This BrainHex quiz is based around video games, but I can see where some of the areas of inquiry would be of interest to roleplayers, as well. My results are true enough. In dungeon delving games, I find myself disappointed if we don’t get to explore every corner or find afterward that the party “missed” something because of a bad Search roll or through inattentiveness. I also spent an inordinate amount of time cleaning out the dungeons, cellars and caverns of the Baldur’s Gate series, which was probably my formative experience of the dungeon crawl.

[First sighted on Jeff’s Gameblog.]

MastermindAchieverYour BrainHex Class is Mastermind.

Your BrainHex Sub-Class is MastermindAchiever.

You like solving puzzles and devising strategies as well as collecting anything you can collect or doing everything you possibly can.

According to your results, there are few play experiences that you strongly dislike.

Learn more about your classes and exceptions at

Your scores for each of the classes in this test were as follows:

Go to to learn more about this player model, and the neurobiological research behind it.

Feel free to take a copy of your BrainHex icon and display it anywhere you wish! Simply right click and choose “save as”. All we ask is you provide a link to anywhere you use our images.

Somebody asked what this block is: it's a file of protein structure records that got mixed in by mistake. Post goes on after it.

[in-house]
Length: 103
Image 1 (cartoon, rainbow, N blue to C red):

Thanks for taking part in the BrainHex survey!

[Suggested Reading Material] Green Mountain Ghosts, Ghouls & Unsolved Mysteries

A book that has influenced my thinking about local spookiness since a teacher used it as a source for campfire ghost stories on school camping trip in 1994, Green Mountain Ghosts, Ghouls & Unsolved Mysteries by Joseph Citro is a buffet of Vermont ghost stories and weird tales from real life.

Take, for example, the section entitled “The Hubbardton Horror,” relating how Hubbardton villagers marched to the Castleton medical school to take back the body of Mrs Penfield Churchill, stolen from its grave by “resurrectionists.” That could either as the base for a ghost-oriented story or a more prosaic horror thriller set in the nineteenth century.

Citro’s made a cottage industry of cataloging New England oddities with follow-up books including Passing Strange and Weird New England, so you’ve got plenty of titles to search out in your local library or bookstore.

All Games Considered Wins Best Podcast ENnie

Congratulations to Mark, Carol, Mags, Ben and everyone who has contributed to All Games Considered over the years. Their hard work in putting the show together has earned them the recognition of the fans in the form of the 2009 Gold ENnie for Best Podcast. You can read the entire list of ENnie winners here.

I’m glad to see the voting body of the ENnies recognize All Games Considered‘s quality content. Now go get that Parsec!

[Mage: The Suppressed Transmission] Passage Through Shadow